3

1

2

3

1

2

3

1

2

3

1

2

3

Sub-sub problemsolved.

• Assigned & Fixed.
• Assigned & Not Fixed.
• Unassigned.
Experiments
• We wanted to investigate:
• The structure of fuzzy rrDFCSPs.
• The relative performance of the algorithms.
• We varied:
• Problem size.
• Connectivity.
• Proportion of variables related by a constraint.
• Constraint tightness.
• Proportion of disallowed value combinations.
• Satisfaction scale size.
• The amount of change between instances.
• Each sequence contains 10 problems.
Experiments: Measurements
• Constraint checks.
• Every time we query a constraint for the satisfaction degree of an assignment.
• Search nodes.
• Every time we assign a value to a variable.
• Size of search tree.
• Solution stability.
• Proportion of assignments that remain the same between instances.
Results: Search Effort
• Mean over 3 sequences of 10 instances.
• Scale size: 3, Change 1 constraint between instances.
• Instance size: 20 variables, connectivity: 0.25
Search Effort: Trends
• Branch and bound finds solutions more efficiently than FLC.
• BB has a more rigid search structure.
• This allows stronger inferences to be made at each node in the search tree.
• Result: BB spots dead ends earlier.
• Algorithm variants:
• Doing more work to spot dead ends guarantees a smaller or equal-sized search tree.
• But often costs more in terms of constraint checks.
Search Effort: Trends
• Phase transition behaviour.
• Increasing some parameters generally increases difficulty:
• Problem size.
• Connectivity.
• Size of satisfaction degree scale.
• Amount of change between instances.
Results: Stability
• Scale size: 3, Change 1 constraint between instances
• Problem size: 20 variables, connectivity: 0.25
Stability: Trends
• FLC produces more stable solutions than BB.
• Both algorithms prefer stable assignments where possible.
• FLC actively seeks to leave areas of the previous solution undisturbed.
• Variants: More work to spot dead ends means more stability.
• Extra work gives us a better idea of the utility of potential assignments.
• Can reveal that they are no better than our preferred stable assignment.
Utility of Dynamic Information
• We tested `crippled’ versions of the algorithms.
• Branch and bound loses its oracle.
• FLC starts from an empty assignment.
• Crippled versions:
• Explore significantly larger search trees.
• Give significantly lower solution stability.
• Extent varies according to the particular dynamic sequence.

### Part II

Application to AI Planning

AI Planning

• Plan: Course of action to achieve pre-specified goals.
• Components of a planning problem:
• Plan objects.
• Initial state.
• Goal state.
• Operators.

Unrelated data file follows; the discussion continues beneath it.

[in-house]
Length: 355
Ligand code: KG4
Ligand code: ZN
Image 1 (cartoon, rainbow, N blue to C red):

c3

guard1

r2

r3

pkg1

pkg2

m1

m2

c1

c2

c4

r1

Characteristics of AI Planning
• Inflexible operators.
• Imperative goals.
• Suffers from similar problems to classical CSP.
• If no `perfect’ solution, no plan returned.
• We want to give the planner the ability to compromise.

Preference

Can relax, with associated damage to resultant plan

Imperative

Flexible Planning
• Incorporate preferences into operators and goals.
• Model both via fuzzy relations:
• Map from preconditions onto a totally ordered satisfaction scale.
• Truck and package in same place.
• Guard must be present.
Example

c3

L={l , l1, l2, lT}

guard1

r2

r3

pkg1

pkg2

• Goals:
• Both packages to c4.
• pkg2 is worth less, don’t deliver: l1
• Guard to c3.
• Can also leave guard at c2 or c4: l2

m1

m2

c1

c2

c4

r1

Example

c3

L={l , l1, l2, lT}

guard1

r2

r3

pkg1

pkg2

• Operators:
• Drive-truck.
• Avoid mountains or: l1
• For valuable package, guard present or: l2
• Guard-boards/leaves-truck.

m1

m2

c1

c2

c4

r1

Inconsistent:

• Preconditions
• Effects
Graphplan
• Solution procedure for classical planning problems.
• Constructs/analyses a planning graph.
• Forward phase extends planning graph until goals found.
• Add binary mutex constraints between actions/propositions that conflict.
• Backward phase extracts valid plan.

Actions1

Propositions1

. . .

Initial

Conditions

. . .

. . .

The Flexible Planning Graph
• Actions annotated with their satisfaction degrees.

Actions1

Propositions1

. . .

l2

. . .

l3

. . .

l1

The CSP Viewpoint
• Variables: proposition nodes.
• Domains: actions who assert these propositions as effects.
• Constraints: Binary mutex + Unary fuzzy.

Actions1

Propositions1

. . .

l2

. . .

l3

. . .

l1

Plan Synthesis via Fuzzy rrDFCSP
• Goals, and their domains form a first sub-problem.
• Action pre-conditions specify new sub-problems…

Goal

Sub-problem

• Solutions at level n are likely to intersect.
• So, problems at level n-1 form a related sequence:
• Each level is a DFCSP.
Guiding Overall Search
• Goal: Solve as few sub-problems as possible.
• Generate memosets from unsolvable sub-problems.
• Propagate memosets up the level hierarchy.

Goal

Sub-problem

4-step Solution

c3

L={l , l1, l2, lT}

guard1

r2

r3

pkg1

pkg2

• Drive-trucktruckc1 to c2 via r1 lT.
• Drive-trucktruckc2 to c4 via m2 l1.

m1

m2

c1

c2

c4

r1

Satisfaction: l1

6-step Solution

c3

L={l , l1, l2, lT}

guard1

r2

r3

pkg1

pkg2

• Drive-trucktruckc1 to c2 via r1 lT.
• Drive-trucktruckc2 to c3 via r2 lT.
• Drive-trucktruckc3 to c4 via r3 lT.

m1

m2

c1

c2

c4

r1

Satisfaction: l2

Compromise-free Solution

c3

L={l , l1, l2, lT}

guard1

r2

r3

pkg1

• 10 steps.
• First collect the guard.
• Use the main roads to deliver both packages and guard.

pkg2

m1

m2

c1

c2

c4

r1

Flexible Graphplan: Observations
• It is more expensive to search for a range of plans than for one compromise-free plan.
• But it is often possible to find short, compromise plans quickly.
• Supports anytime behaviour.
• Range of plans trade length versus number and severity of the compromises made.
Conclusions
• Dynamic flexible constraint satisfaction combines two extensions to classical CSP.
• Multiple instances of DFCSP.
• Considered fuzzy rrDFCSP in detail.
• Two solution procedures (with variants).
• Flexible planning.
• Plan synthesis via hierarchical decomposition and fuzzy rrDFCSP.
Future Work
• We have examined one instance of DFCSP in detail.
• Examine other instances.
• Modify existing solution techniques/consider new ones (e.g. local search).
• Other applications.
• Compositional Modelling [Keppens 2002].
• Dynamic Scheduling.
• Interactive configuration…
Acknowledgements
• Qiang Shen, University of Edinburgh.
• Peter Jarvis, SRI International.